US focus on African security ties rising

US focus on African security ties rising

US focus on African security ties rising

U.S. President Obama’s (R) top diplomat Hillary Clinton is set to visit Africa’s newest nation, South Sudan.

U.S. Secretary of State Hillary Clinton departs this week on a trip that will take her both to Africa’s newest nation, South Sudan, and on a visit to the continent’s elder statesman, 94-year-old anti-apartheid icon Nelson Mandela.

While Clinton’s public focus will be on Africa’s democratic achievements and economic potential, the trip also underscores U.S. security ties in the face of an array of growing threats, from Islamist extremists to narcotics cartels.

“The security threats are becoming much more visible and in some ways dangerous than they were before,” said Jennifer Cooke, the head of the Africa program at the Center for Strategic and International Studies in Washington.

Clinton’s trip was set to begin Senegal, and continues on to South Sudan, where she will be the most senior U.S. official to visit since the country declared independence in July 2011. Further stops include Uganda, Kenya, Malawi and South Africa, the State Department said. The Department said Clinton would use her visit “to encourage strengthening of democratic institutions and human rights, while also reinforcing Uganda as a key U.S. partner in promoting regional security.”

Clinton is expected to highlight U.S. programs on development, education and HIV/AIDS -- long the backbone of U.S. engagement with Africa -- as well as U.S. economic interest in a continent whose rich resources and enviable growth rates have drawn rival suitors including China and India.

She will also likely emphasize projects for women and girls, one of her central themes in a job she says she will leave in January even if President Barack Obama is elected to a second term.
But Clinton’s visit is also part of a U.S. push to broaden security partnerships with key countries such as Uganda and Kenya, ties that are growing fast despite sometimes serious U.S. concerns over democratic governance.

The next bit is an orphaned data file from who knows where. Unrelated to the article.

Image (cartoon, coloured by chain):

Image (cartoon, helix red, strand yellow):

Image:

We always see Obama as one of our own: Kimenyi

Obama laid out his policy for Africa in a speech in Ghana in July 2009, saying the United States stood ready to help African nations as they work to improve governance, fight corruption and resolve regional conflicts.

His speech led to widespread hopes on the continent that the first U.S. president with African roots would follow through with new policies to help achieve those goals.

“Africans will always see Obama as one of our own, so we are reluctant to criticize,” said Mwangi Kimenyi, a Kenyan academic and director of the Africa Growth Initiative at the Brookings Institution. “But it turns out our expectations for the president was a bit overrated and unrealistic. He could have been more courageous and done more.”

The White House last month released a policy paper on Africa, repeating its commitment to strengthening democracy and spurring economic growth but lacking a single signature project which could cement Obama’s Africa legacy.

Instead, attention has focused on AFRICOM, the unified U.S. Africa Command that the Pentagon established in 2007. It is playing an increasingly important role as the U.S. pumps resources into training African militaries.

Washington has reacted with increasing alarm as militant groups such as Somalia’s al Shabaab, Nigeria’s Boko Haram and al Qaeda’s African wing based in the vast Sahel region open new fronts to advance Islamic extremism.